- Assessing stakeholder satisfaction and alignment helps measure the product manager’s ability to collaborate and communicate effectively. KPIs may include stakeholder feedback scores, internal team satisfaction, and cross-functional alignment metrics.
- Measuring the product’s innovation and growth potential is important for long-term success. KPIs may include the number of new product ideas or innovations generated, the success rate of new product launches, and the impact of product enhancements on revenue growth.
It’s important for product managers to align their KPIs with the organization’s overall objectives and to regularly review and update them based on evolving business needs and market dynamics.
Product Marketing and Product Management
While there are similarities between product marketing and product management, it’s important to recognize that they are distinct roles with different focuses and responsibilities within the overall product lifecycle. Product marketing typically emphasizes external-facing activities such as positioning, messaging, and go-to-market strategies, while product management has a broader scope that includes strategic planning, product development, and internal collaboration.
Common responsibilities between product marketing and product management include cross-functional collaboration, market research and analysis, messaging, positioning, enablement, launch, and feedback. Overall, both product marketing and product management are customer-centric. They require a deep understanding of customer needs, preferences, and behaviors to develop and deliver products that meet those requirements effectively.
These roles both work closely with cross-functional teams, such as engineering, design, sales, and marketing. Each relies on market research and competitive analysis to gather insights and make informed decisions. They need to stay updated on market trends, understand the competitive landscape, and identify opportunities and threats in the market. It’s also important that they have a deep understanding of the product and its features, as well as the value those elements provide to customers.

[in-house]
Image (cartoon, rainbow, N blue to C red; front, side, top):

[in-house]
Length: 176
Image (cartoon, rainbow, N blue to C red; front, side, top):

This puts both of these roles at the helm of product messaging and positioning. Creating compelling narratives and campaigns that resonate with target customers, and accurately represent the product’s value proposition, is a collaborative effort. And while product managers primarily drive the product roadmap, product marketers also have input in shaping the roadmap based on market insights and customer needs.
Both roles contribute to the strategic direction of the product and collaborate to align product development with marketing and business goals. Product managers oversee the development and readiness of the product for launch, while product marketers develop marketing strategies and plans to create awareness, generate demand, and drive customer adoption during the launch phase and post-launch period. This includes delivering any enablement tools, resources, and information necessary to help the sales team sell the product to the right people.
There are a handful of specific differences between these roles that allows for end-to-end coverage of the product portfolio and lifecycle.
- Product lifecycle and portfolio. Product marketing focuses on external aspects of the product, like target customer understanding, market positioning, messaging, and driving customer adoption and demand. They’re responsible for later stages of the product lifecycle, supporting product launch, and tracking performance. Product management, on the other hand, takes a broader perspective, considering internal and external challenges and opportunities. This team handles the strategic direction of the product, overseeing the entire lifecycle, collaborating with cross-functional teams, and ensuring market success. They’re also focused on customer feedback, gathering requirements, and coordinating development.
- Internal and external communication. Product marketers excel at communicating product value to external audiences, creating messaging, collateral, and supporting sales teams. Product managers communicate and collaborate within the organization, coordinating efforts and managing expectations across organizations.